GYPSUM (var. SELENITE)
HISTORY, NAME, LOCALITIES: Gypsum, pronounced JIP-sum, is hydrous calcium sulfate. Its name stems from the Greek gypsos, or “plaster,” alluding to one of its early uses. Selenite, pronounced SELL-en-ite, is the crystalline variety of gypsum. Its name is derived from the Greek selénités, literally “stone of the moon” (from seléné, or “moon”), referring to the moon-like, pearly luster of its cleavage surfaces. Collecting localities are found in Canada, Peru, Mexico, Spain, and the United States (Oklahoma, Utah, New York, Tennessee, and Nevada).
MINERALOGY, PROPERTIES, OCCURRENCE: The selenite variety of gypsum [hydrous calcium sulfate, CaSO4·2H2O] crystallizes in the monoclinic system as prismatic or bladed crystals with distinct rhombic form, and as arrowhead-shaped twins with beveled edges. Pure selenite is colorless or white, but impurities create a range of pale grays, yellows, reds, and browns. Selenite is transparent to translucent with a hardness of 1.5-2.0, perfect cleavage in one direction, vitreous to pearly luster, and a specific gravity of 2.3-2.4. It occurs mainly in chemical-sedimentary, marine-evaporite formations of sandstone, limestone, or rock salt.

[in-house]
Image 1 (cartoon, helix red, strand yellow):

METAPHYSICAL PROPERTIES, LORE, USES: Selenite, along with other forms of gypsum, is used in plaster, soil conditioners, paint fillers, cement retardants, and drywall products. According to modern metaphysical practitioners, selenite conveys white light that calms troubled minds, stabilizes emotions, and clarifies thoughts.
COLLECTORS’ INFORMATION: The most collectible selenite crystals have water-clear transparency, a range of pale colors, and well-developed, rhombic crystals.